so far so good

  • User

    Neo Nov. 26, 2014, 3:53 p.m.

    I did something like a converter from mb to kb Its just great to program in python

  • User

    Kazaminese Nov. 23, 2014, 5:20 a.m.

    >>> def someFunction(): print("boo") someFunction() I couldn't get this to work on IDLE

  • User

    Tesla Panda Nov. 7, 2014, 5:08 p.m.

    Random Level up names ahha

  • User

    Sderdau Oct. 18, 2014, 3:21 p.m.

    >>> def someFunction(a,b): print(a+b) >>> someFunction(12,451) Need to learn my spacing got it to work by putting in a couple of returns etc.

  • User

    Sderdau Oct. 18, 2014, 3:11 p.m.

    Python 3.2.3 (default, Feb 27 2014, 21:33:50) [GCC 4.6.3] on linux2 Type "copyright", "credits" or "license()" for more information. ==== No Subprocess ==== >>> a=10 >>> def someFunction(): print(a) someFunction() SyntaxError: unindent does not match any outer indentation level >>>

  • User

    Sderdau Oct. 18, 2014, 3:11 p.m.

    Python 3.2.3 (default, Feb 27 2014, 21:33:50) [GCC 4.6.3] on linux2 Type "copyright", "credits" or "license()" for more information. ==== No Subprocess ==== >>> a=10 >>> def someFunction(): print(a) someFunction() SyntaxError: unindent does not match any outer indentation level >>>

  • User

    Jacobzone Sept. 10, 2014, 6:47 p.m.

    This is really helpfull tnx!

  • User

    EpicYoloTime Aug. 29, 2014, 4:17 p.m.

    (&acirc;•&macr;&Acirc;&deg;&acirc;–&iexcl;&Acirc;&deg;&iuml;&frac14;‰&acirc;•&macr;&iuml;&cedil;&micro; &acirc;”&raquo;&acirc;”&acirc;”&raquo; FLIP THIS TABLE! &acirc;”&raquo;&acirc;”&acirc;”&raquo; &iuml;&cedil;&micro; &atilde;ƒ&frac12;(&Acirc;&deg;&acirc;–&iexcl;&Acirc;&deg;&atilde;ƒ&frac12;) FLIP THAT TABLE! &acirc;”&raquo;&acirc;”&acirc;”&raquo; &iuml;&cedil;&micro; &iuml;&frac14;&frac14;( &Acirc;&deg;&acirc;–&iexcl;&Acirc;&deg; )&iuml;&frac14; &iuml;&cedil;&micro; &acirc;”&raquo;&acirc;”&acirc;”&raquo; FLIP ALL THE TABLES NAO! &agrave;&sup2;&nbsp;_&agrave;&sup2;&nbsp; Put. &agrave;&sup2;&nbsp;__&agrave;&sup2;&nbsp; The&iuml;&raquo;&iquest; tables. &agrave;&sup2;&nbsp;___&agrave;&sup2;&nbsp; Back... (&acirc;•&reg;&Acirc;&deg;-&Acirc;&deg;)&acirc;•&reg;&acirc;”&sup3;&acirc;”&acirc;”&sup3; &acirc;”&sup3;&acirc;”&acirc;”&sup3; &acirc;”&sup3;&acirc;”&acirc;”&sup3;

  • User

    EpicYoloTime July 2, 2014, 7:14 p.m.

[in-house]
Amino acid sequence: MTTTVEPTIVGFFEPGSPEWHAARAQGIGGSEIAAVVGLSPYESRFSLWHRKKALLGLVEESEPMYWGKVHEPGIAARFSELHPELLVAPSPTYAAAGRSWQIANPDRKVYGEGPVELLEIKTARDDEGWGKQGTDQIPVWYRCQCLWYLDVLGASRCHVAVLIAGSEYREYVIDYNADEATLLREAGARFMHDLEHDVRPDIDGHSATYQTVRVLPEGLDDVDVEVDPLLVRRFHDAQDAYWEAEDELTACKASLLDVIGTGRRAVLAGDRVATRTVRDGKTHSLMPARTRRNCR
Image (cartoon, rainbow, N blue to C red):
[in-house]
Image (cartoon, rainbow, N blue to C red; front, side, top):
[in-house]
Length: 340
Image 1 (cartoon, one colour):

im just here... trying to get my commenter badge...

  • User

    EpicYoloTime July 2, 2014, 7:14 p.m.

    im just here... trying to get my commenter badge...

  • User

    EpicYoloTime July 2, 2014, 7:11 p.m.

    im just here... trying to get my commenter badge...

  • User

    EpicYoloTime July 2, 2014, 7:06 p.m.

    mwa lub this. this tutorial is helping me alot :) (im a learner)

  • User

    Clau Lacatus June 28, 2014, 3:29 a.m.

    If there we can find some other complicated examples it`d be great! Thanks, since now, so far, so good! Keep up the good work!

  • User

    Jake Stephens June 23, 2014, 7:12 p.m.

    so... a = 69 def getitonwiththewife(): print (a) getitonwiththewife() ------------------------------------------ 69

  • User

    pacoalp May 4, 2014, 10:11 p.m.

    RAGhav, you must type: def er(a,b): print (a + b) er(10,12) or a = 10 b = 12 def er(): print (a + b) er() the problem are the variables, &quot;However, you cannot declare a variable inside a function, local scope, to be used outside in a global scope&quot;

  • User

    Jamie April 23, 2014, 9:37 p.m.

    &quot;However, you cannot declare a variable inside a function, local scope, to be used outside in a global scope.&quot; Why is this so?

  • User

    MaximusBo April 23, 2014, 8:01 p.m.

    Because i just got one... Lol

  • User

    MaximusBo April 23, 2014, 8:01 p.m.

    and, how the heck do you get xp to level up???

  • User

    MaximusBo April 23, 2014, 7:58 p.m.

    are you putting the two parentheses?

  • User

    Andy M April 3, 2014, 8:33 p.m.

    I really like the order that the lesson come in (at least, while perusing the Python section, since that is the only one I have tried so far). One possible error. On the &quot;Python Functions&quot; page, it says, &quot;Python does support global variables.&quot; I think that you meant that it does *not* support...

  • User

    rousbel_villar March 2, 2014, 10:04 p.m.

    this was a very good lesson ,very exited to start programming.

  • User

    Lotfi GHAZOUANI Feb. 26, 2014, 1:44 p.m.

    One another step in the syntax of the function statement and it's errors sources.

  • User

    Lotfi GHAZOUANI Feb. 26, 2014, 1:32 p.m.

    It's easy to define the function statement in Python. Many thanks for the syntax explanation

  • User

    Bryan Feb. 13, 2014, 1:40 a.m.

    def addFunction(): a = 23 # print (a) a+= 22 print (a) addFunction()

  • User

    Madinawi Feb. 10, 2014, 5:09 p.m.

    a = (23) b = (65) def hFunction(): print (a + b) hFunction()

  • User

    Aqdas Jan. 3, 2014, 5:53 a.m.

    How can I del my comment which is by mistake posted twice :( Suggetion - There should a cancel or delete button for removing comment..

  • User

    Aqdas Jan. 3, 2014, 5:50 a.m.

    a = &quot;Aqdas&quot; def someFunction(): print (a) someFunction() Love It to print my name again and again :)

  • User

    Pyn00b Dec. 24, 2013, 10:13 a.m.

    same here works on tester but not on python3.3.3....this sections need a clearer example!!